Building on the Evidence

How do you start to build an evidence base?  We all know that it’s important to know the evidence behind particular practices, both for what we do in the classroom and what we do in interventions. In education, we used to be subject to fads and fashions, but that is beginning to change. Now, we are much more likely to hear the question, “Where is your evidence?” This can only be a good thing – as long as people have a sound understanding of what constitutes evidence. Because randomised controlled trials have been touted as the “gold standard”, that is now all that “evidence” means for some. In reality, there is a hierarchy of types of evidence, and all of it is useful in some way. There is a process of collecting evidence prior to developing a randomised controlled trial, so that variables are understood and practices are validated as being worthy of investigation before the investment of time and money that RCTs require. But there’s an obvious problem here for curriculum and intervention designers. How do you …

Reflections on Hidden Potential

One of the themes I have been reflecting on is the great tragedy of modern education: the wasted potential of literally millions of students who underachieve because they were not taught to read properly. There are two main reasons for this: poor reading strategies in early reading, and artificial ceilings caused by low expectations derived from low reading performance – in short, labels. The natural home for reading interventions (and it’s not SEN) challenges this practice of assigning students a disability label based on how well they are reading. The evidence is that when taught explicitly and systematically (and when faulty ‘guessing’ strategies have been addressed) nearly all but a handful of students can read at the ‘normal’ level for their age. Without doubt, this post generated the strongest reactions from readers. “You will always have students who will fail” deals with low expectations based on poor behaviour. By making use of basic principles, more specialised strategies, and effective whole school systems, it is possible to turn students around. And when we consider that poor …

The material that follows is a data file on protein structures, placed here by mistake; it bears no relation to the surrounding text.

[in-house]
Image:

Improving outcomes for low attainers

Here are the slides and notes from my session from ResearchEd yesterday. I found the warmth and enthusiasm of everyone at the event very refreshing. And Swindon Academy did themselves and their community proud!   The talk was arranged in seven sections: the first was a short intro explaining that I am not an expert, but that my opportunities to come to grips with education and special needs certainly had that ‘threshold’ effect on me: they completely changed my view of teaching and learning. It is clear that if we use the precision required for empirical, data-based methods, we can have a significant effect on the competence and confidence of students who have struggled at school. The second section dealt with the key underlying principle, which is that lower progress learners require much more sensitive assessment and progress measures. Lessons, tasks and learning goals need to analysed at a fine level in order to ensure that underlying gaps in knowledge are addressed, and foundations are coherent and strong. The key point in the third section was to use morphology when teaching vocabulary, since …